IPM Welcomes Exciting Results on Injectable HIV Prevention Option for Women
November 9, 2020—IPM welcomes today’s news that an injection of the antiretroviral drug cabotegravir administered every two months was found to be well-tolerated and highly effective in reducing cisgender women’s HIV risk in the HPTN 084 trial, which was announced today by ViiV Healthcare, the HIV Prevention Trials Network and the US National Institute of Allergy and Infectious Diseases (NIAID).
The trial saw 89% fewer HIV infections among women using injectable cabotegravir compared to women using daily oral PrEP. However, daily oral PrEP was confirmed to be an effective prevention method for women, with lower HIV incidence seen in HPTN 084 than in other randomized PrEP trials among women to date.
Women have long been left behind by progress against HIV/AIDS, particularly in areas where they face disproportionately high risk, such as sub-Saharan Africa. The results from HPTN 084 are an exciting advance for women at risk for HIV. Pending approvals, the future prevention portfolio could soon include bimonthly injectable cabotegravir and the monthly dapivirine ring in addition to daily oral PrEP and male and female condoms. Expanding women’s options so that they can choose the product that best meets their needs is essential to controlling the HIV/AIDS epidemic. Whether women choose products that are systemic or non-systemic, bi-monthly, monthly, daily or on-demand, today’s news increases the prevention choices available to women.
“Today’s news is cause for celebration. With daily oral PrEP being scaled up, the monthly dapivirine ring poised for introduction, and now bimonthly injectable cabotegravir as a potential new option, women’s HIV prevention is looking brighter than ever,” said Dr. Zeda F. Rosenberg, CEO of IPM, the nonprofit that developed the dapivirine ring. “We have long known that expanding the range of product choices for contraception increases their overall use. Meeting women’s diverse sexual and reproductive health needs must include offering women more HIV prevention options.”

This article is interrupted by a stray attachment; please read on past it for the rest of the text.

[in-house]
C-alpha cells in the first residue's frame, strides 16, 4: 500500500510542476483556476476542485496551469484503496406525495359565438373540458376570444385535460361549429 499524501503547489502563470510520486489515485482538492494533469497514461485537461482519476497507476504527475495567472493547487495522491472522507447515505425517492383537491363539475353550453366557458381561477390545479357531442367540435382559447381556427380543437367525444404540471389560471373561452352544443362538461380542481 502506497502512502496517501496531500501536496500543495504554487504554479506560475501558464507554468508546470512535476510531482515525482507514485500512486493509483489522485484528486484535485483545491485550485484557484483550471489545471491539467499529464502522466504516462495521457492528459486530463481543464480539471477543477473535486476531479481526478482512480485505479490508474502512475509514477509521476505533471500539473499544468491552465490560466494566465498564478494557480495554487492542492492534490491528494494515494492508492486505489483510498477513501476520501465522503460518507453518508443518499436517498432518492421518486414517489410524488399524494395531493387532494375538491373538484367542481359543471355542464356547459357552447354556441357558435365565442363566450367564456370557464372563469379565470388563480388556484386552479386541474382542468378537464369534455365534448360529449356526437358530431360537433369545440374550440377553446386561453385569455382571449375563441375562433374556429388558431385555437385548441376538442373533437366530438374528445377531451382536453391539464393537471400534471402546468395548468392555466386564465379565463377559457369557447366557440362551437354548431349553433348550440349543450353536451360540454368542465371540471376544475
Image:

IPM applauds all involved with HPTN 084 for their work to develop additional HIV prevention options for women—and extends gratitude especially to the women who dedicated their time to participating in the trial.
We look forward to learning more about today’s results and understanding more about the use of long-acting HIV prevention methods among adolescent girls and pregnant and breastfeeding women. Studies of injectable cabotegravir as well as the dapivirine ring are ongoing or planned among these key groups, who face elevated risk for HIV. Injectable cabotegravir was also shown to be well-tolerated and highly effective among men who have sex with men and transgender women earlier this year in the HPTN 083 trial.
For more information, also see the releases from ViiV and NIAID.
About IPM: IPM is a nonprofit organization dedicated to developing new HIV prevention tools like the monthly dapivirine ring and other sexual and reproductive health technologies for women, and making them available in developing countries. IPM has offices in the United States, South Africa and Belgium. Please visit www.IPMglobal.org.